Reflections on the Canadian Grand Prix
I do not know who first used the word “circus” when referring to the Grand Prix teams and their movements around the world; in fact, it may have been me, for many years ago I joined an elite group of racing motorcyclists from England who were known as the “Continental Circus”. This was because we set off at the beginning of the season, loaded with equipment and spares, and toured Europe. racing every weekend, and returning home at the end of the season richer or poorer depending on our success, but always with a satisfying store of experience and knowledge. Starting-money and prize-money pail the expenses between races, so that sometimes we could afford to stay in hotels, other times we had to sleep in a tent. The word “circus” has been applied to the Grand Prix scene and I feel it has a very different meaning, for no team goes “on tour” Sunday after Sunday, it is a matter of race and return to base immediately. Since the inception of three Grand Prix races on the west side of the Atlantic ocean, one in Canada, one in the United States and one in Mexico, the name “circus” really does apply to the Grand Prix scene, for apart from top personnel and the drivers, the teams and equipment are gone for five or six weeks “on tour” in the New World.
This was brought home very forcibly when I went into the paddock at the Mont Tremblant-St. Jovite circuit, for there was a huge striped circus tent, long and narrow, with a fence keeping the spectators back, and at one end were the lions roaring gently to themselves, at the other end the tigers snarling menacingly, in the middle the elephants trumpeting loudly and all around, mingling with the keepers, were the clowns. The circus had come to town and, as in European countries, it heralded the arrival of autumn and the approach of winter. The performers put on their show in the Canadian playground of Mont Tremblant, a couple of hours north from Montreal, and then everything was packed up, loaded onto five huge transporters and taken on to the next country for a repeat performance before another audience. Due to it not yet being a completely united circus and lacking a powerful “ring-master”, some of the acts arrived in Canada in a disorganised state while others were well prepared. The Ferrari team stood slightly aloof from all this, having their two cars and all their equipment in a big enclosed transporter of their own, and were packed up and gone on the Monday morning after the race while the “circus” was being loaded onto open transporters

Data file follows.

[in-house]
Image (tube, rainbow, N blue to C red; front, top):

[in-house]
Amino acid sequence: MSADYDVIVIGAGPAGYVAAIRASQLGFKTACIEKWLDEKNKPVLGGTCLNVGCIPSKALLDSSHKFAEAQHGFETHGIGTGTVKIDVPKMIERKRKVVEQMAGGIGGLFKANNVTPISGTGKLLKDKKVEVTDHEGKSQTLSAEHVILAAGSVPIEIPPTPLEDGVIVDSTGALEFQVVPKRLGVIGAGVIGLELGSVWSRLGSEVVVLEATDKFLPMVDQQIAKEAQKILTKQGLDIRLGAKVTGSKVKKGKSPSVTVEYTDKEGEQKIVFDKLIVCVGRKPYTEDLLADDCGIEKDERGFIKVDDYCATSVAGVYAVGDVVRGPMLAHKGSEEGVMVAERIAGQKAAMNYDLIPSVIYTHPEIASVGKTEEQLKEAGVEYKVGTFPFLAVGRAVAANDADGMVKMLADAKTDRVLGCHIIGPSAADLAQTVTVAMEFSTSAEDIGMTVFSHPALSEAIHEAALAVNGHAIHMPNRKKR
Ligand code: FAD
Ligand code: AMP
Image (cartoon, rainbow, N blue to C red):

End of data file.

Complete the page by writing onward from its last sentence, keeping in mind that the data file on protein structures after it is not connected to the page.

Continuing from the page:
The Canadian Grand Prix is only four years old, twice being held at Mosport and twice at St. Jovite, and judging by the small crowd that attended the 1970 race the word has not really got through that the European Circus was coming to town. Fortunately the financial loss was made good by the Imperial Tobacco Company, and more fortunate is the fact that people do not heed the dire warnings of the medical profession, and continue to smoke Player’s cigarettes in sufficient numbers to allow the profits to be spent on supporting money-losing motor races. I am told this is called sponsorship, which sounds like a cover-up for a business failure. As with many countries the venue for the Grand Prix alternates between two circuits, in the Canadian case between Mosport and Mont Tremblant-St. Jovite, and the 1970 race was held at the latter. It is a nice little circuit, carved out of forest land and undulates in quite a spectacular manner in places, and is 2.65 miles to the lap, being something of a cross between Oulton Park and Brands Hatch, and is run on very European lines. It is in the area of Mont Tremblant. a winter-sports resort that is also part of an all-the-year-round playground for the French-Canadians of the Province of Quebec, activities including light aircraft flying, gliding, horse-riding, boating, fishing, camping and so on, and driving north from Montreal the Mnnt Tremblant area is just about at the end-of-the-road. St. Jovite is the nearest sizeable village to the Mont Tremblant park.